If I lift up my head during phone interviews, I'm staring straight into its depths.
Just past the open door you can barely see the lines of wire and clothes pins on which prints were hung to dry.
You shoot it, you download it, it's there right away: This polar bear was shot and killed after it came too close to a group of people camping in Qikiqtarjuaq this summer. It appeared in Nunavut News/North thanks to the Internet. - photo courtesy of David Audlakiak
Sometimes I peer into the shadows and wonder how many rooms just like it now sit empty because of digital photography.
Every Tuesday, the Iqaluit bureau chief and a reporter used to spend between three and five hours in this room developing film flown in from around the territory.
Four wrinkled instruction sheets are still taped to the wall as a marker to that bygone era.
"Before turning out the lights ensure equipment is in front of you: reels, tank, lock-tight funnel, tank lid, scissors and film," reads one sheet.
The last of this equipment was hauled away this summer.
I don't even know what a lock-tight funnel is.
When I want a photo from a community around Nunavut, I simply say "please send it to email@example.com."
Digital photography has allowed people from around Nunavut to bring me (and you) attention-grabbing images with a few clicks of a mouse.
Double-tusked narwhals, ptarmigan-eating falcons, post-kill polar bears; all of these could be in my e-mail inbox before I've had my first sip of coffee on any given day.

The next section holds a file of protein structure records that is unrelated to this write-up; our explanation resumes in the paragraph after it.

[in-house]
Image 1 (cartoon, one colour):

These photographers are the people who truly bring you the news from Nunavut's communities.
Sure, I could get on the phone, do some interviews and write you a big block of text about the guy who caught the narwhal or the girl who shot the polar bear.
But it's the images that really transport you there.
When you think about what we're trying to do as a newspaper -- and how difficult it is -- this technology really makes it work.
We cover an area several times larger than Western Europe.
Think about it. Now think about doing it.
We try to get to as many communities as possible, but it's difficult to budget the more than $2,000 needed to buy a round-trip ticket from Iqaluit to Cambridge Bay.
And it seems as if the Government of Nunavut's budget for flying ink pushers like myself around the territory has really dried up.
In other words, thank goodness for the Internet and digital photos.
Without them, we would be relying on oft-grounded air planes to get us the rolls of film filled with the frames needed to tell Nunavut's stories.
We'd quite literally be back in the dark.
(Brent Reaney has been a photographer for more than a decade and currently focuses on Iqaluit.)